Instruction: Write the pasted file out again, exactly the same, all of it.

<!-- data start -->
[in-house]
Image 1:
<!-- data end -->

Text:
[in-house]
Image 1: